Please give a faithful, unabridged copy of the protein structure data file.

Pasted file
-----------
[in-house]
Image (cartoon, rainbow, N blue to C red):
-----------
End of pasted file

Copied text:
[in-house]
Image (cartoon, rainbow, N blue to C red):